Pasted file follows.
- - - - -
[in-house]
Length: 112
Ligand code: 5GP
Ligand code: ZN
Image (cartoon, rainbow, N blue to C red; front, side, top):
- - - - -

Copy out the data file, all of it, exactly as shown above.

[in-house]
Length: 112
Ligand code: 5GP
Ligand code: ZN
Image (cartoon, rainbow, N blue to C red; front, side, top):